ABSTRACT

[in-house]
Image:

German public opinion has been historically opposed to nuclear weapons—both to their use and to their stationing on German territory. In almost every survey in the last 20 years, Germans have been opposed to stationing nuclear weapons on their territory, expressed desire to have them withdrawn, and opposed their hypothetical use. The contribution of this chapter is two-fold. First, it maps the main patterns of public opinion between 2000 and 2023, providing empirical evidence of the unpopularity of nuclear weapons among the German public prior to February 2022, which was to some degree overturned after the start of Russia's invasion of Ukraine. Second, it provides an innovative theoretical argument to explain the democratic legitimacy of the continuation of the current nuclear deterrence posture in which nuclear sharing on German territory is a key element, despite the opposition by the general public. This theoretical argument builds on scholarship tackling the dilemma between responsiveness and responsibility, and addresses the fundamental tensions inherent to technocratic policy-making in democratic countries.